California’s existing climate programs, like the Active Transportation Program, demonstrate the power and potential of establishing equity targets and a project evaluation process, but the absence of a clear, uniform mandate across the transportation sector limits California’s ability to meet our climate and equity goals. AB 1525 can help the state begin to repair the harms of our transportation system’s impact on communities of color.
Assembly Bill 591 (Assemblymember Jesse Gabriel) – Electric Vehicle Charging for All Act
Communities of color and low-income communities disproportionately bear the consequences of climate change, yet have been the last to benefit from California’s clean transportation transition. This is driven by deliberate disinvestment resulting in a lack of infrastructure in the areas they live and work. Not only are these communities isolated from the health and economic benefits of clean transportation, but they also tend to live in the most polluted neighborhoods with the fewest mobility options leading to an overreliance on gas-powered vehicles and worse pollution-related health outcomes.
AB 591, The Electric Vehicle Charging for All Act, requires that all electric vehicle charging stations must be accessible to all electric vehicles. This bill ensures that California’s charging infrastructure functions with all EV models, and not just luxury EVs that are out of reach of the majority of Californians. The Electric Vehicle Charging for All Act, is an opportunity for California to make electric mobility more accessible and ensure EV infrastructure is available to everyone in the state.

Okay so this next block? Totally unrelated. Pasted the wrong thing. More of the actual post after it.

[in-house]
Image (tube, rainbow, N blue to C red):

2023-24 California Budget Priorities
Governor Newsom’s 2023-24 California January Budget proposal previewed a rocky road ahead due to lower-than-anticipated state revenues and ongoing economic uncertainty as the threat of a recession grows. California currently faces a $22.5 billion deficit, in stark contrast to the state’s historic $100 billion surplus last year.
As we have for the past three decades, The Greenlining Institute will continue to fight for initiatives that build resilience through economic shortfalls and instability.
To read more about key Budget investments we’re watching, please see our response to Governor Newsom’s January Budget proposal here.
In addition to our co-sponsored legislation, we intend to support legislation that aligns with our mission: to work towards a future where communities of color can build wealth, live in healthy places filled with economic opportunity, and are ready to meet the challenges posed by climate change. We will share more about our supported legislation in the coming weeks.
For more information on our legislative agenda, please reach out to email@example.com.